Pediatric postop reg analg
Blocks that are used most frequently are: Rectus sheath block (here the thoracic intercostal nerve is blocked which is responsible for sensation along the anterior abdominal wall – most often used for repair of an umbilical hernia). Illioinguinal nerve block (placed 1-2 cm medial and inferior to the ASIS and depositing local anesthetic into the fascia – used for hernia repairs or orchidopexy). Femoral nerve block (for femur fractures or the need for quadriceps muscle biopsies). Caudal block (employed for operations below the level of the diaphragm – placed by advancing a 22- or 23- gauge needle into the sacrococcygeal ligament between the two sacral cornua).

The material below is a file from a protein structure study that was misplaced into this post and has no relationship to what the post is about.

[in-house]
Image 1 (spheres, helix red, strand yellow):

As in the adult population, complications with pediatric regional techniques are uncommon. A large prospective one-year survey of more than 24,000 pediatric regional anesthetics found an overall incidence of complications of 0.9 in 1000 blocks, with no complications of peripheral techniques. The most common complications were either failure to establish a block or failure of block maintenance. Failure of establishment of adequate neuraxial blockade in babies may be at least in part due to the significant variability of anesthetic spread. Radiological assessment of contrast injected through epidural catheters in babies (1.8–4.5 kg) after major surgery found that both the quality and extent of spread were different for every baby. Filling defects and ‘skipped’ segments were common. Spread was more extensive after 1 ml/kg compared with 0.5 ml/kg — but not twice as great — with fewer ‘skipped’ segments and greater density of dye.